Storm chaser ‘Tornado Tim’ Baker drove the Jaguar XF through America’s Midwest in search of a tornado as this year’s storm season came to a dramatic close.
A storm chaser’s role is vital to help predict tornadoes and save lives, so the XF was the perfect mobile lab for the chase team to catch their tornado and collect vital data.
The chase, which covered 2,000 miles (3, 218kms) of highway and farm tracks through seven US states, saw the XF evade baseball-sized hailstones and drive through floods and high winds before intercepting a twister on the Iowa-Illinois border.
After the encounter, Baker said: “Storm chasing is all about getting to the right place at the right time – and also staying out of trouble. It has been an interesting year for storms and it was great to try this car out as the season came to a close.”
“It took us a while to track one down, but when the weather map delivered, the car did too. The navigation and in-car Wi-Fi, which allowed us to connect our multiple devices, worked brilliantly in the chase. The all-wheel-drive capability was also excellent as we travelled through rain and floods on loose gravel roads.”
The chase began with the biggest storm of the 2016 season looming over the American Midwest, with a potential 95 million people in its path. It took Tim from Denver, Colorado, right up into Minnesota and down to Illinois.
During the chase, Baker met Brian Smith, Warning Coordination Meteorologist at the Omaha office of the National Weather Service (NWS), which uses radar data to help scientists issue prompt, life-saving warnings to agencies and the general public.
Tornado chasers like Tim, and the vehicles they use, are a vital part of the modern network of weather warning. Having people on the ground to confirm the storms and analyse their path can help experts study them and predict future disasters.
The AWD XF found its twister when Baker intercepted a Category EF 0 (60-70 mph winds) tornado, two hours west of Chicago. The storm drenched the region, flooding roads and scattering debris, but the car coped brilliantly with the dirt roads and slippery highways.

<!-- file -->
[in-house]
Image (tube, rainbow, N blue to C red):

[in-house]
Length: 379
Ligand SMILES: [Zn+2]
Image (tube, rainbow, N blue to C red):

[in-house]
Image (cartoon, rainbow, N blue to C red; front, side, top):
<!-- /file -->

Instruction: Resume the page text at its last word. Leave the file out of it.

With roads blocked, Tim used the super quick, pinch and zoom in-car navigation system, with 3D and satellite mapping, to find a safe way around the twister. Overnight, the storm delivered several more tornadoes, damaging buildings.
Kevin Stride, Vehicle Line Director for Jaguar XF said: “This was a real showcase for the XF’s capabilities. Tim was able to view storm data on the car’s 10 inch touchscreen and use the world-class In-Control Touch Pro navigation system to find them while travelling in comfort.”
“When the weather deteriorated, the car’s all surface capability with Adaptive Surface Response and torque on demand all-wheel-drive came into its own. The XF’s AdSR was able to fully exploit all available traction by altering mapping of the throttle, automatic transmission and DSC system to give confidence on the gravel tracks and cope with extreme flooding and high winds.”
“As expected, the tornado chase provided some extremely diverse challenges and we knew this would be a real genuine test for the XF, so we were delighted to see it handle all the conditions with ease…and come back in one piece.”
Body-tracking tech moves to assembly line
Technology typically used by the world’s top sport stars to raise their game, or ensure their signature skills are accurately replicated in leading video games, is now being used on an auto assembly line.
Employees at Ford’s Valencia Engine Assembly Plant, in Spain, are using a special suit equipped with advanced body tracking technology. The pilot system, created by Ford and the Instituto Biomecánica de Valencia, has involved 70 employees in 21 work areas.
Player motion technology usually records how athletes sprint or turn, enabling sport coaches or game developers to unlock the potential of sport stars in the real world or on screen. Ford is using it to design less physically stressful workstations for enhanced manufacturing quality.
“It’s been proven on the sports field that with motion tracking technology, tiny adjustments to the way you move can have a huge benefit,” said Javier Gisbert, production area manager, Ford Valencia Engine Assembly Plant. “For our employees, changes made to work areas using similar technology can ultimately ensure that, even on a long day, they are able to work comfortably.”
Engineers took inspiration from a suit they saw at a trade fair that demonstrated how robots could replicate human movement and then applied it to their workplace, where production of the new Ford Transit Connect and 2.0-litre EcoBoost Duratec engines began this month.